When it comes to property maintenance, there's always seems to something that needs attention. How can you optimize maintenance management?
When it comes to property maintenance, there’s always seems to be something that needs attention. But no matter how busy your maintenance activities appear to be, it’s important to have a clear roadmap for achieving your maintenance goals.
If not, your maintenance team may end up being busy with less important matters. Specifically, be clear about your maintenance goals, what you’re going to do to achieve them, and how you will measure progress. This is where maintenance key performance indicators (KPIs) come in.
Maintenance KPIs help to do the following:
Whether you do repairs yourself or hire someone else, these KPIs reveal the efficiency of your maintenance efforts. This post will focus on how landlords can choose the KPIs to track and then discuss a simple approach for putting them into practice.
As a landlord, you already know that each of your buildings is unique. Thus, your maintenance KPIs will be based mostly on your most pressing maintenance issues. For a start, consider those recurring matters that require attention right away.
It’s a good idea to start with a manageable number of KPIs, so your team doesn’t become overwhelmed or confused. Maybe five or six.
There is a multitude of KPIs to choose from, so we’ll start by categorizing maintenance KPIs into two broad groups. Then discuss a few of the most commonly used KPIs for property maintenance.
Leading indicators are KPIs that signal future events. They give you a perspective on the likely performance based on a current trend. An example is Planned Maintenance (PM) Compliance. If your current performance for a period shows that compliance is high (75% or more), that suggests that reactive maintenance and asset breakdowns are likely to decrease in the future.
Lagging indicators use past events to measure performance. Meaning, they help you look at the past to arrive at possible solutions at the end of the review period. Analyzing historical data this way allows you to apply improvements to address maintenance issues.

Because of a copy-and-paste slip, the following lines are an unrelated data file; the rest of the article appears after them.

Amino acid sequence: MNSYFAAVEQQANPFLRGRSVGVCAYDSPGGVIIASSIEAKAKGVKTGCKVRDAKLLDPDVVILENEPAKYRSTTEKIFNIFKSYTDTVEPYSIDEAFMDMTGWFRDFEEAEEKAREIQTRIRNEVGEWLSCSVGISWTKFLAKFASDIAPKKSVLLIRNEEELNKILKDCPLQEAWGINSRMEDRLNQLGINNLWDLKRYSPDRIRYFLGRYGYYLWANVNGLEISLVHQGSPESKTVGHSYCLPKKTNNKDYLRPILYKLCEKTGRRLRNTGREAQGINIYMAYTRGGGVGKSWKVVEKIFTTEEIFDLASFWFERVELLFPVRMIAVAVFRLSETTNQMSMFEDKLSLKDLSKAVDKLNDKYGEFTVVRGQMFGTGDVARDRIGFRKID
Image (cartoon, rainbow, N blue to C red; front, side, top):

By using both categories of indicators, one that tries to predict future performance and another that looks at the past, you are in a better position to get a complete view of your maintenance performance over time.
As mentioned before there is a wide selection of potential KPIs to choose from and you need to focus on major challenges. More often than not, the maintenance KPIs you are going to end up tracking are maintenance costs (which can be broken into things like spare parts, inventory costs, and labor costs), PM compliance, and Work Order response time.
Let’s take a couple of typical KPIs to demonstrate how this works.
The first thing that you’ll need to do is to list and categorize your maintenance issues. Imagine that your major challenges are high maintenance costs (a cost and spending issue) and poor responsiveness to work orders (a work efficiency issue).
In step 1 above, you identified two issues. You’ll need to further define them in a manner that is clear for your maintenance team. Everyone should know what needs to be done and when. For example:
This step empowers you to define the necessary changes to make.
In the case of maintenance costs, it’s typically a broad problem with several contributing factors. You’ll want to check things like rising and regular rate of reactive and emergency maintenance, excessive labor overtime and what could be causing it, and spare parts inventory overstocking, to mention just a few.
For Work Order Response Time, consider how long it takes from the initialization of a work order until it is closed. You want data that shows how long it’s taking to complete work from creation to completion. If a task that should normally take two hours to complete is now lasting for six hours, and the trend is increasing, you’ll need to investigate the root causes quickly. Some likely bottlenecks are unavailable spare parts, issues with resources or workforce, planning problems, and poor communication.
Using KPIs is about measurement and improvement. As you progress with making the necessary changes, you’ll need a structured approach for collecting and managing your maintenance-related information. Digitized resources, especially computerized maintenance management systems (CMMS), will give you the reports you need for an updated overview of maintenance performance and if you are making progress at all. Doing this enables you to easily course correct and make improvements as you go along well before the review period is over.
It’s all very well understanding your KPIs, but if you are not properly tracking the actual maintenance tasks themselves, you may lose track of the tasks at hand. Using purpose-built property management software like Landlord Studio will allow you to easily manage your maintenance from your smartphone or desktop.
Our intuitive property maintenance management system allows you to record and prioritize tasks, track maintenance progress and easily communicate updates with tenants.
If you want to improve the efficiency of your rental property maintenance efforts, understanding and using KPIs gives you a clear goal to work towards. However, first, understand the root causes of your maintenance challenges because maintenance decisions and actions need to be data-driven to be effective. Following the tips discussed above will set you on the right track.
On a final note, ensuring you keep accurate and detailed accounts of your maintenance expenses will ensure you maximize your potential deductions and could save you thousands, even tens of thousand, of dollars in the long run. You can use Landlord Studio to efficiently and accurately keep track of your rental property income and expenses while simultaneously reducing admin.